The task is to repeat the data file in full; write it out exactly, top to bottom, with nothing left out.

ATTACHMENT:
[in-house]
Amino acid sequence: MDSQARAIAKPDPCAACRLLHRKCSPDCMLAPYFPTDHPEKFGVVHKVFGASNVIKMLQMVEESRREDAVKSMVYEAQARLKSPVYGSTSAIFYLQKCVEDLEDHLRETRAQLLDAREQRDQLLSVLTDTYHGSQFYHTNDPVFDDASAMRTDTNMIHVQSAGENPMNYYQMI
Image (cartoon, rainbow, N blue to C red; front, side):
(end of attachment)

[in-house]
Amino acid sequence: MDSQARAIAKPDPCAACRLLHRKCSPDCMLAPYFPTDHPEKFGVVHKVFGASNVIKMLQMVEESRREDAVKSMVYEAQARLKSPVYGSTSAIFYLQKCVEDLEDHLRETRAQLLDAREQRDQLLSVLTDTYHGSQFYHTNDPVFDDASAMRTDTNMIHVQSAGENPMNYYQMI
Image (cartoon, rainbow, N blue to C red; front, side):